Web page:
But for now, the government is counting on the euro to help it circumvent
                  the embargo and strengthen the island's commercial ties with Europe, its
                  largest source of trade, visitors and credit.

                  Cuba conducts more than 40 percent of its international commerce with
                  Europe while upward of 50 percent of its tourists are European. Most of
                  Cuba's debt, largely short-term, has been negotiated with European banks.

                  "The euro could be an effective weapon in the fight against the embargo,"
                  Ana Mari Nieto, a euro specialist at the Central Bank of Cuba, said in an
                  interview. "From a commercial point of view, we have a very strong
                  relationship with Europe. And from a credit point of view, Europe is also
                  the principal source of credit."

                  Trade with Europe is critical for this nation, which lost 85 percent of its
                  markets with the collapse of the Soviet Union and its communist satellites
                  in Eastern Europe. Cuba is not a member of the International Monetary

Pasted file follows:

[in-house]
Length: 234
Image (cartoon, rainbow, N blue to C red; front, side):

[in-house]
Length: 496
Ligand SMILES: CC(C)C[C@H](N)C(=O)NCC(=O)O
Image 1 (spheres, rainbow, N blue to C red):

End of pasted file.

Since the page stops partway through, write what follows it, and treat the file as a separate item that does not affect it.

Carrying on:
Fund or the World Bank and has had difficulty obtaining credit from other

                  A senior State Department official contended that reviving Cuba's
                  economy is not a question of using a new currency but of Castro allowing
                  more opportunity for private enterprise, which is tightly restricted here.

                  Central Bank President Francisco Soberon has been cautious in
                  speculating about the extent to which use of the euro can better the
                  country's economic problems. "More than anything else, it means
                  prospects for improving the present situation," Soberon said at a recent
                  conference on the euro here.

                  Much depends on whether any countries in Latin America -- where the
                  dollar is widely used -- or elsewhere decide to adopt the euro too. If not,
                  Cuba would still be subject to paying currency exchange commissions to
                  trade with those nations.

                  "The euro may become the rival to the U.S. dollar as the international
                  currency, and where we are able to use the euro we will use it," the Central
                  Committee official said.

                  Analysts said that Cuba's decision to embrace the euro could make it
                  easier for the government to obtain credit as the European Union moves to
                  create euro reserves around the world.

                  Castro clearly relishes the idea that the dollar may now face a challenge
                  from the euro. "The dollar and the euro are keeping watch over one
                  another. The dollar now faces a prospective adversary," the Cuban leader
                  said during a recent speech. "The United States is anxiously wagering that
                  the new currency will struggle and fail. We are keeping a close eye on